The London Fire Brigade reveals it could allow people to tweet emergencies instead of dialling 999

The deputy commissioner of the London Fire Brigade, Rita Dexter, has revealed that it is considering allowing people to tweet their emergencies instead of using 999.

The service currently advises against using social media to report fires as it is not monitored 24 hours a day.

But Dexter has said with more and more people using smartphones the London Fire Brigade needs to "improve how it communicates with the public".

"With over a billion people now using Facebook and half a billion using Twitter, it's quite clear that social media is here to stay," said Dexter

"The London Fire Brigade is the biggest fire service in the country and we think it's important to look into ways to improve how we communicate with the public and how they can get in touch with us."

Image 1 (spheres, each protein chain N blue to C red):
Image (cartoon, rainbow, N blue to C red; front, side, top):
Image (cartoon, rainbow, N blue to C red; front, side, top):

London Fire Brigade has used Twitter for information on fires in the past. At the beginning of the year London Fire Brigade was faced with a lack of information when a police helicopter was unavailable to reach a large fire in west London. It asked its Twitter followers to take pictures and describe the scene. This allowed for a more detailed assessment of the situation and the subsequent dispatch of around 75 fire fighters. London Fire Brigade states without Twitter it would have taken longer to control the fire.

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